Arkansas issues non-binary driver’s licenses & they’ve done it for years

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J Gibbons, who is non-binary, testified in favor of Oregon's non-binary driver's license law. Basic Rights Oregon

“It was very affirming to me,” Zach Miller told INTO after they were able to get a driver’s license that has an “X” as a gender marker.

Miller is a non-binary activist in Arkansas, and they didn’t know that their state issued non-binary documents until friend and trans activist Beck Witt got one earlier this month.

And neither did the employee who Miller approached at the DMV.

“Hey, you learn new things every day,” the employee said, according to Miller.

“It makes it clear that we exist — that gender nonconforming, non-binary, intersex, and trans people exist,” Miller said.

Related: Washington, DC joins Oregon in offering third gender marker on drivers’ licenses

Miller and Witt’s stories have been getting attention online, and for good reason: very few states allow non-binary gender markers on state-issued ID, and the places that do are bluer than Arkansas.

Last year, Oregon, California, and D.C. passed laws allowing non-binary gender markers on state ID. Maine and Minnesota adopted similar rules this year, and the state of Washington allows non-binary gender markers on birth certificates, although not yet for driver’s licenses.

When Oregon passed its law last year, it was widely reported as “the first state to offer a third gender option for state IDs.” Wikipedia, as of publication, lists Oregon as the first state to do so.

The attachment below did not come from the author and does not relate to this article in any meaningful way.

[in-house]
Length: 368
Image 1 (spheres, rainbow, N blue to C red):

But Arkansas adopted a similar policy back in 2010, without getting any attention from the press.

“Our official policy is to allow a licensee to change their gender as requested, no questions asked, no documentation required,” wrote the assistant commissioner of operations and administration in Arkansas in a memo in 2010.

“An Arkansas Department of Finance and Administration policy memo was issued to Revenue Office employees in December 2010, informing them that any licensee may request to change the gender listed on a license, no questions asked,” an Arkansas Department of Finance and Administration spokesperson told the Huffington Post.

“The policy was simply highlighted in a recent article, resulting in additional interest.”

“I think you will continue to see states move in this direction with regard to identity documents from state identification to birth certificates,” said Paul Castillo of Lambda Legal.

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